Never Going Underground – The Stop the Clause march, thirty years on
When Comma Press asked me to contribute to their Protest: Stories of Resistance anthology, I knew what I wanted to cover. As a teenager, I had two obsessions that put me out of step with my mid-1990s contemporaries, but endured: Manchester’s 1980s counter-culture, from Joy Division to the ‘Summer of Love’, via New Order, The Smiths and The Fall; and the queer culture of the same era. Not just the films of Derek Jarman or Isaac Julien, but also the communities who supported themselves through the AIDS crisis in the face of vocal opposition (not least from Manchester’s evangelical chief constable, James Anderton, branded ‘God’s Cop’ by the Happy Mondays and ‘Mr Terror, Chief of Police’ by The Passage, and referenced in ‘Hit the North’ by The Fall); supported the miners during the strike (including a gig at the Haçienda), and fought against Clause 28– one of the most spiteful pieces of law in British history.
I’d touched on these – and my time in Manchester as a student – in my memoir, Trans (Verso, 2015) – but wanted to explore them further. My History degree began in 2000, just after a rally in Albert Square to support Tony Blair’s efforts to repeal Section 28, and ended in 2003, just before Labour finally succeeded, despite significant opposition from right-wing politicians and businessmen (including Stagecoach owner Brian Souter, whose buses I boycotted). It was only then that I realised quite how much Section 28 had shaped my childhood, explaining why I’d found it so difficult to find any information, or even have any conversations, about what it meant to be lesbian, gay, bisexual or transgender.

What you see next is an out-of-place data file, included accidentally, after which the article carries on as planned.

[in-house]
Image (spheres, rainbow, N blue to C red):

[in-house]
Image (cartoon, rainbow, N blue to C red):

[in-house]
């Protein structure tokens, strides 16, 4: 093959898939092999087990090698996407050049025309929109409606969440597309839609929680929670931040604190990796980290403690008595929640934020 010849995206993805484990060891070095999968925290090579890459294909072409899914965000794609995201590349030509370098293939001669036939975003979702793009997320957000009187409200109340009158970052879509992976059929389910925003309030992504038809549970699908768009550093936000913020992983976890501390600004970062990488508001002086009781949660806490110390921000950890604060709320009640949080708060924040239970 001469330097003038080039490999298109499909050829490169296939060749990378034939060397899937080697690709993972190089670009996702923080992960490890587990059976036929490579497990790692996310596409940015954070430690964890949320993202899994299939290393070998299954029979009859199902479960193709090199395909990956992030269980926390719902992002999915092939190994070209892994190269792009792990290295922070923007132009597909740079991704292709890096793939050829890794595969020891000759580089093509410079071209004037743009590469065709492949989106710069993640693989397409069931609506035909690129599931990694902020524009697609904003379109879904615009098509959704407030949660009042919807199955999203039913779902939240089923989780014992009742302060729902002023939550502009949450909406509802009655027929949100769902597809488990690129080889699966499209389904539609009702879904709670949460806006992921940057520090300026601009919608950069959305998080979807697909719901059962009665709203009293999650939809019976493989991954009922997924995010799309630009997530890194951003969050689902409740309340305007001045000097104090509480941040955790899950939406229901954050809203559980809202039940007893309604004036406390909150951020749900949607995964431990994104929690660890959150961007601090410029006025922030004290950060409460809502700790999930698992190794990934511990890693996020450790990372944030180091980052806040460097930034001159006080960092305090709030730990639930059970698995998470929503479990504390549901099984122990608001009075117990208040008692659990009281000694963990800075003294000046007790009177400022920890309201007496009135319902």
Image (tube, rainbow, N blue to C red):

If you don’t remember, Clause (later Section) 28 was an addition to the Local Government Act 1988, which stated that a local authority ‘shall not intentionally promote homosexuality or publish material with the intention of promoting homosexuality’. In practice, this meant that it became impossible to find any positive depictions of LGBT people in libraries or have any in-depth discussion about LGBT people in schools. Nobody was ever prosecuted under the Act, but that was beside the point: it was silencing legislation, and it worked.
The biggest protest against Clause 28 took place in Albert Square, Manchester on 20 February 1988, under the slogan Never Going Underground – which I borrowed for the title of my story. I didn’t want to just write about the event, important as it was. I was more interested in how it was organised, who was included in its committee, and its final line-up of performances and speeches, and who was excluded, consciously or otherwise. Interviewing people who’d worked on the event, I learned about two crucial decisions.